H. OF R.]
Negotiation with the Mediterranean Powers.
Leghorn, on the British Government, being for money of the remainder, waiting for our reimbursement in the sent to Algiers, and which appeared afterwards to be due time. for the release of the Corsican prisoners.
The 560,000 dollars above, have produced £111,053 [March 22, 29, 1796.] Are answers to letters from Some part was sold above 90 per cent. and Col. Humphreys, relative to our accounts, chiefly dated none below that price, which leaves about 3s. 27th February, and 9th March, which we do not no. 114d per dollar. tice, concluding that he was satisfied, as nothing ap- The present price is 86, with little depears in reply to us; but as there was reason to fear mand; suppose the remaining 340,000 dollars the business could not be executed in Spain, the Go- produce 3s. 9d. per dollar, the amount will be 45,000 vemment there refusing a license, notwithstanding the endeavors of Messrs. Joyes and Sons, aided by the
Total amount of sales and effects
£156,053 American Minister or resident.
[April 1st, 1796.) We wrote to Messrs. Fonnereau, The great defalcation in the nominal dollars arises of Leghorn, not only to open the necessary credit, but from the remittances being made in funds which fell at to explain to them, in a full and confidential manner, 10 per cent. under par, and the payments being made the nature and extent of our preceding disappoint- in foreign money at a rate very much above par, that of ments; requesting (with the approbation of Mr. Pinck. Leghorn in particular has advanced 16 and 18 per cent. ney and Colonel Humphreys) that they would convey above what it was not a long while since. to Algiers such information as should satisfy the Dey, Our payments are as follow : that the delay in paying the money did not arise from Credit on Hamburg, 40,000 dollars
£ 9,002 the want of funds, credit, or endeavors on the part of Drafts on Dohrman
50,007 the United States, but must be solely attributed to the Remittances to Col. Humphreys
3,036 political convulsions in Europe, which had annihilated His draft 12th of December
435 the usual channels or modes of procuring the coin for Paid O'Brien
Paid sundry persons for the dividends on stock It is unnecessary to quote dates of letters, as there sold
2,497 appears but one opinion on the subject, namely, “ that | Dollars, 140,000, paid Mr. Donaldson, we the business must finally be done at Leghorn," and
calculate about 4s. 10d. 55.100 each
34,110 both Mr. Pinckney and Colonel Humphreys recommend most earnestly, that the information alluded to
99,118 should be conveyed to Algiers.
Suppose the remaining dollars, 260,000, which [29th April, 1796.] Messrs. Fonnereau answer our includes Mr. Donaldson's drafts, calculated letter of the 1st, promising to follow the orders of Colo- at the same rate, the amount will be, at 5s. 65,000 nel Humphreys, and that would communicate to Algiers every thing we had desired.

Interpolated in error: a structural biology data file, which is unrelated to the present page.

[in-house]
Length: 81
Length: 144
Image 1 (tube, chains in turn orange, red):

Total amount of payments
164,118 [17th June, 1796.] Fonnereau advise the delivery Ditto of sales and effects
156,053 to them, on that day, of the orders from Colonel Humphreys, to pay to the order of Mr. Donaldson, 400,000
The sum of £2,497 paid for us by dividends, will be Spanish milled dollars, which they acquaint him shall received again by us from America, and, of course, apbe immediately complied with. sieurs Fonnereau that he should accept the sum; and it is submitted to Mr. King, What ought to be done in [17th June, 1796.] Mr. Donaldson acquaints Mes- pear ultimately to the credit of the United States.
Under all the circumstances which have been stated, on a meeting between them and the price of
the present moment? the dollars, with that of the agio, was settled to the satis
Mr. Fonnereau says, that reliance may be had on faction of
having conveyed to Algiers the information re[June 20th, 24th, 1796.] Fonnereau drew for what quested; and moreover, that it will be thoroughly satismoney they could procure, and on the 24th, wrote, “ en- factory at that place. closed you have Mr. Donaldson's receipt for 140,000
In the present situation of Leghorn, there is in fact dollars, paid to him by order of Colonel Humphreys: nu exchange ; and the drafts of Mr. Donaldson must this business might have been completely finished by be negotiated elsewhere. The Italians, moreover, know our giving to Mr. Donaldson bills on you, or on Ham- that bills drawn from Leghorn, subsequent to the entry burg, for the remaining 260,000 dollars, which offered to negotiate for him, and to give him a receipt
of the French, cannot be paid in London without a li
&c. for the whole 400,000 dollars, which he engaged to ship to Algiers; but a certain diffidence on his side would themselves; they are directed to hold the proceeds or
Baring & Co. can have no difficulty with regard to not permit him to sign receipts to us for more than he value (which they conceive to be equally the intention had absolutely received in cash.”
of the United States) at the disposal of Colonel Hum[June 27th, 1796.] The French entered Leghorn, phreys, who directs them to pay 400,000 dollars to the and Fonnereau embarked on board an English frigate. I order of Mr. Donaldson, which will be punctually com
[July 15th, 1796.) Mr. Donaldson draws on us for plied with, to the extent of sales, and value of what the sum of 10,000 dollars; under the same date, remains, under a proper license ; but that zeal which inquires about Mr. Donaldson's credit on us, and whe- has induced them to follow this business into foreign ther we have orders for more than 400,000 dollars.